There are so very many different types of tea available these days. However, purists say there are only 4 true teas. A true tea is made from the leaves of the tea bush or Camellia sinensis. Herbal teas are infusions of the leaves, roots or buds of other plants like peppermint, chamomile, ginger and rosehip. Stay tuned for more on those next week…
The four true teas are:
White tea, comes from the buds and youngest leaves of the Camellia sinensis plant. The beverage itself is not white or colourless but pale yellow and light in taste. It derives its name from the fine silvery-white hairs on the unopened buds of the tea plant, which gives the plant a whitish appearance.
White tea is the most subtle, delicate and complex of the teas because it is the least processed. The tea leaves are simply steamed and then dried. White tea has very little caffeine, 1-2% as much caffeine content as one cup of coffee.
To make green tea, the Camellia sinensis leaves are picked, dried, and heat-treated to prevent fermentation of the loose leaves. After moisture is removed through the heat treatment, the tea leaves are typically rolled and dried again before they are ready for use.
The heat treatment of green tea varies. For Chinese green tea the leaves are roasted in a hot roasting pan. This gives Chinese green tea a toasted taste and a yellow-green colour. In Japan, green tea is made by steaming the leaves. Japanese green tea has a grassy taste and is dark green in colour.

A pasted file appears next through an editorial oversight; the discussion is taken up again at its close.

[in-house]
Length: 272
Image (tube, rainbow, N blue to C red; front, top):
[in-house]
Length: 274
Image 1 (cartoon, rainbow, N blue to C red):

Black tea is a fully fermented variety of tea from the Camellia sinensis plant. To make black tea, the leaves are withered and rolled. They then undergo a long period of fermentation. Once fermented,the black tea leaves are fired. This natural oxidation process gives the the black tea its characteristic complex flavour and colour.
Oolong tea is similar to green tea. However, after the tea leaves are picked, they are intentionally bruised by shaking. While the leaves are drying, the edges of the bruised leaves turn reddish in color and the surface becomes light yellow due to fermentation and oxidation. After some fermentation period the tea leaves are pan fired to create a semi-fermented tea.
The fermentation period can vary producing slightly different results. Chinese oolong tea is fermented only long enough to achieve 12-20% fermentation and results in a lighter oolong. Taiwanese oolong teas are fermented for longer, resulting in 60-70% fermentation. This gives Taiwanese oolong tea a stronger flavour.
There is a lot of choice when it comes to tea. Wherever your preferences lie, it seems that tea is a beverage we can happily enjoy, as each of the different types of tea offers some health benefit. But that is a subject for another day….
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